Wednesday, March 31, 2010

>The Sustainability of China’s Recovery from the Global Recession

China’s policy response to the global financial and economic crisis was early, large, and well-designed. Although Chinese financial institutions had little exposure to the toxic financial assets that brought down many large Western investment banks and other financial firms, China’s leadership recognized that its dependence on exports meant that it was acutely vulnerable to a global recession. Thus they did not subscribe to the view sometimes described as “decoupling,” the idea that Asian countries could passively weather the financial storm that originated in the United States and other advanced industrial economies. They understood that absent a vigorous policy response China inevitably would suffer from the backwash of a sharp economic slowdown in its largest export markets—the United States and Europe.

While it is now widely understood that China was the first globally significant economy to begin to recover from the crisis, critics nonetheless increasingly charge that the stimulus program has substantial flaws and that China’s early economic recovery cannot be sustained. One prominent critic has gone so far as to suggest that the stimulus has created a debt-fueled bubble that will collapse, causing China’s growth to plunge to only 2 percent.1 But the analysis below suggests these criticisms are exaggerated.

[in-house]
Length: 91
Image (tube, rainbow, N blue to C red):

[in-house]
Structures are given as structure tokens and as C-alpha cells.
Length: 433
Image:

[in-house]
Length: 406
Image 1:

China and the Crisis
In the fall of 2007, just before the global crisis, the Chinese authorities tightened monetary policy and took steps to curtail an incipient property bubble. But when the global crisis intensified in the fall of 2008 the authorities reversed economic course by launching a policy of monetary easing in order to offset the additional drag on China’s growth caused by the sharp slowdown in global trade. First, they cancelled the lending quotas that had previously restricted the ability of
banks to fully meet the demand for loans from their customers. Second, to ensure that a sufficient supply of funds would be available to meet this demand, the government repeatedly
reduced the share of deposits that banks had to place with the central bank. Banks were not necessarily forced to expand their lending in 2009, as has often been asserted. It was in their economic self-interest to do so since the interest rate that they could charge on loans was several times what they earned either on funds they were required to place with the central bank or on funds lent in the interbank market.3 Thus, the government’s first step in monetary easing was to increase the supply of loanable funds.